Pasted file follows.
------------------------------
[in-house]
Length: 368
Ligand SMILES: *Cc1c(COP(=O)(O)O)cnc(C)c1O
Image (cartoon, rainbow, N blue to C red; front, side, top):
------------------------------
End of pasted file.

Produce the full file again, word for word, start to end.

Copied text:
[in-house]
Length: 368
Ligand SMILES: *Cc1c(COP(=O)(O)O)cnc(C)c1O
Image (cartoon, rainbow, N blue to C red; front, side, top):